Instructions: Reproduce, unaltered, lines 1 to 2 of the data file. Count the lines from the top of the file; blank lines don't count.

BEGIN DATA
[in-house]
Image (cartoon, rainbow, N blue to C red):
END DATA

[in-house]
Image (cartoon, rainbow, N blue to C red):